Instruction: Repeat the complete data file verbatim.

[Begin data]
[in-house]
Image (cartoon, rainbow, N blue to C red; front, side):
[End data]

[in-house]
Image (cartoon, rainbow, N blue to C red; front, side):